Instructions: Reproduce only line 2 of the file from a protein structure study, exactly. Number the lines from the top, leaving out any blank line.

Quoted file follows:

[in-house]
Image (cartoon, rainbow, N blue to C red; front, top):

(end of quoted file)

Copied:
Image (cartoon, rainbow, N blue to C red; front, top):